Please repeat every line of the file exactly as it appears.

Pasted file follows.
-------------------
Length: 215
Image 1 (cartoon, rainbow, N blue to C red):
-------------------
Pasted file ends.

Length: 215
Image 1 (cartoon, rainbow, N blue to C red):